As an executor, do you have to pay for your own lawyer?

On Behalf of | Apr 21, 2021 | Probate Litigation

There is so much involved in being an executor for someone’s estate that it is essentially a full-time job. You may need to devote dozens of hours of your life to handling paperwork, making phone calls and resolving financial issues.

In addition to all of that work, an executor takes on certain risks, like the potential for creditors and government taxation authorities to hold them responsible for unpaid debt and taxes. Handling the process carefully is crucial. An executor may need help reviewing the estate plan and making sure that they comply with all of their legal obligations.

Hiring a probate attorney could be expensive, especially if you find yourself facing challenges or probate litigation. Will you have to foot the bill for an attorney on top of giving up so much of your time?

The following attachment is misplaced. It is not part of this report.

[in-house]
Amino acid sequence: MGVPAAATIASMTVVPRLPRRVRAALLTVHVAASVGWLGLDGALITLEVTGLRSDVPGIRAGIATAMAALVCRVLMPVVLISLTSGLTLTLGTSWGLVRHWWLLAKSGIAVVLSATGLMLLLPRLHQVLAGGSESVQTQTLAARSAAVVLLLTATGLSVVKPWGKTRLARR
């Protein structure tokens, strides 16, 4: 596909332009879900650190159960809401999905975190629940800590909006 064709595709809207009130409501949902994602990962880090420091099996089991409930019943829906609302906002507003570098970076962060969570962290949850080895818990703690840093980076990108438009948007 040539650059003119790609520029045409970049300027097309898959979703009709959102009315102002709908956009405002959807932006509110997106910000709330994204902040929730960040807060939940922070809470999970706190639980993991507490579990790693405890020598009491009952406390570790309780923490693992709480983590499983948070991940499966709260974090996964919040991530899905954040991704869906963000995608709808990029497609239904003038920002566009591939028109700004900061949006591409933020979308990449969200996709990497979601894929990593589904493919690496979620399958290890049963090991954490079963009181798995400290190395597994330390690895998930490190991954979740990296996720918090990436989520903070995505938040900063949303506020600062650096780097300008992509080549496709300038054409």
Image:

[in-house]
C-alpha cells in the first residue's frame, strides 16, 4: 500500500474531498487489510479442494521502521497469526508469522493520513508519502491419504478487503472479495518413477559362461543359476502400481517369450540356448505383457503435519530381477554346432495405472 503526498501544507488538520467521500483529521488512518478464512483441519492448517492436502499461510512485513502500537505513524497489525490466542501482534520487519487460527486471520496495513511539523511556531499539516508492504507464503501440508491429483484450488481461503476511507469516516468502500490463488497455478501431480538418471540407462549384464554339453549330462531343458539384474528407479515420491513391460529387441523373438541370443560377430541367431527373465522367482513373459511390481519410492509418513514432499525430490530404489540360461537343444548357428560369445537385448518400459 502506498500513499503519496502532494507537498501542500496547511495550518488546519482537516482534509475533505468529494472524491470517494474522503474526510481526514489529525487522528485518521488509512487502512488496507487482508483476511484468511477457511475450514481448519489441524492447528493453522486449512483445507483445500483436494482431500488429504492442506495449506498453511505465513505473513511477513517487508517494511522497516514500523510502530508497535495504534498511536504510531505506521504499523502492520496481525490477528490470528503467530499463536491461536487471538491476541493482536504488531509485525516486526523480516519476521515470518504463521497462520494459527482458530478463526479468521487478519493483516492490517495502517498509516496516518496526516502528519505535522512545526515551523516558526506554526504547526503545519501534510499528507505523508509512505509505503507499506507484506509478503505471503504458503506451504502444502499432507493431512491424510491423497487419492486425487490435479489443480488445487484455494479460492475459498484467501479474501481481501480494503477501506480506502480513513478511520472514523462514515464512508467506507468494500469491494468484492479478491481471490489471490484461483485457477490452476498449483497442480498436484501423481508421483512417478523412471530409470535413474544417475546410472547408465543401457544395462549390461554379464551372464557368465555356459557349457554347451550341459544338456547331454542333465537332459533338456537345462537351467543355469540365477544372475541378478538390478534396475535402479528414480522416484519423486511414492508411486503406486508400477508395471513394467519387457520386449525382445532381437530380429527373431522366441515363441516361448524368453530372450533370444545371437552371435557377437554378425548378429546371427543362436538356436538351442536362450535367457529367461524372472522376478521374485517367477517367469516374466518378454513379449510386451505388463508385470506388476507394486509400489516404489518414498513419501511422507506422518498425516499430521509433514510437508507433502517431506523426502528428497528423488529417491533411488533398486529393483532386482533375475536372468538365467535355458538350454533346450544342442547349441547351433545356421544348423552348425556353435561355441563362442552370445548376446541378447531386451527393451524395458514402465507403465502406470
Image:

Ohio state law recognizes the work of an executor

Although handling someone else’s estate is often a thankless job, that doesn’t mean there aren’t directions for executives. Specifically, Ohio’s probate laws allow an executor to retain an attorney when necessary and to use funds from the estate to cover the cost of their representation.

Whether an executor needs a lawyer to review the estate plan for legal issues or they have to defend themselves from a challenge in court, it is the assets from the estate that will pay for those costs. An executor should not have to use their own resources if they need legal help while handling someone else’s final wishes.

The estate will cover reasonable attorney costs

State law gives an executor the authority to claim reasonable legal costs and other necessary fees from the estate, likely before they begin distributing any property to the beneficiaries of the estate. What is reasonable is subjective, so executors could be at risk of people claiming that they wasted resources unnecessarily.

Keeping careful documentation of what services the estate pays for is an important step for an executor. Without an explanation for why someone billed you for 15 hours of legal advice, beneficiaries might try to challenge your costs as unreasonable or excessive.

Keeping records is usually one of the most important protective steps an executor can take when they worry that someone might challenge their actions or their role.


FindLaw Network